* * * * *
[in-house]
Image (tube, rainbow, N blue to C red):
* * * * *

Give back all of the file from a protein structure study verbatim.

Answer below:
[in-house]
Image (tube, rainbow, N blue to C red):